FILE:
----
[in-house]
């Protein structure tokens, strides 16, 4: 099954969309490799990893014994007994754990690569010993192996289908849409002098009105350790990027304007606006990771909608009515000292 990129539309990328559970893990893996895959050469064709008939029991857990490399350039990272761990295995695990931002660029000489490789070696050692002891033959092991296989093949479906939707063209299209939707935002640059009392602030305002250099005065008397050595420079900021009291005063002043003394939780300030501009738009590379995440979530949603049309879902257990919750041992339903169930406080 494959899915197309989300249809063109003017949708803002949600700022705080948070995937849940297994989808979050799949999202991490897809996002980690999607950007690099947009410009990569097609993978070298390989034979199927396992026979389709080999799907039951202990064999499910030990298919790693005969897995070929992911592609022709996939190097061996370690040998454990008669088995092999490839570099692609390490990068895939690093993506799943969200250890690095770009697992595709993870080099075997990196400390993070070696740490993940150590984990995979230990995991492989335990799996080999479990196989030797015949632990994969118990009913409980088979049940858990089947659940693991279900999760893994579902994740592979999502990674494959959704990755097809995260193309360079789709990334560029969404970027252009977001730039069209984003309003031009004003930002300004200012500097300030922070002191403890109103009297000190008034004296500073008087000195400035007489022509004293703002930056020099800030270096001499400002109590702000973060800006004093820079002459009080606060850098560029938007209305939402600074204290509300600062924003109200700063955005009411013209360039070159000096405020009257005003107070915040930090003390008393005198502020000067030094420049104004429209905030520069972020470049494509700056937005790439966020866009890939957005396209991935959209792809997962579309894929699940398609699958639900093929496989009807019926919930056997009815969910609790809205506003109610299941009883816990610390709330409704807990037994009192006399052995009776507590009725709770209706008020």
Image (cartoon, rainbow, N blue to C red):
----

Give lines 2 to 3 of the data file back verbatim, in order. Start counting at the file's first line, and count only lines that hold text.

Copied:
């Protein structure tokens, strides 16, 4: 099954969309490799990893014994007994754990690569010993192996289908849409002098009105350790990027304007606006990771909608009515000292 990129539309990328559970893990893996895959050469064709008939029991857990490399350039990272761990295995695990931002660029000489490789070696050692002891033959092991296989093949479906939707063209299209939707935002640059009392602030305002250099005065008397050595420079900021009291005063002043003394939780300030501009738009590379995440979530949603049309879902257990919750041992339903169930406080 494959899915197309989300249809063109003017949708803002949600700022705080948070995937849940297994989808979050799949999202991490897809996002980690999607950007690099947009410009990569097609993978070298390989034979199927396992026979389709080999799907039951202990064999499910030990298919790693005969897995070929992911592609022709996939190097061996370690040998454990008669088995092999490839570099692609390490990068895939690093993506799943969200250890690095770009697992595709993870080099075997990196400390993070070696740490993940150590984990995979230990995991492989335990799996080999479990196989030797015949632990994969118990009913409980088979049940858990089947659940693991279900999760893994579902994740592979999502990674494959959704990755097809995260193309360079789709990334560029969404970027252009977001730039069209984003309003031009004003930002300004200012500097300030922070002191403890109103009297000190008034004296500073008087000195400035007489022509004293703002930056020099800030270096001499400002109590702000973060800006004093820079002459009080606060850098560029938007209305939402600074204290509300600062924003109200700063955005009411013209360039070159000096405020009257005003107070915040930090003390008393005198502020000067030094420049104004429209905030520069972020470049494509700056937005790439966020866009890939957005396209991935959209792809997962579309894929699940398609699958639900093929496989009807019926919930056997009815969910609790809205506003109610299941009883816990610390709330409704807990037994009192006399052995009776507590009725709770209706008020």
Image (cartoon, rainbow, N blue to C red):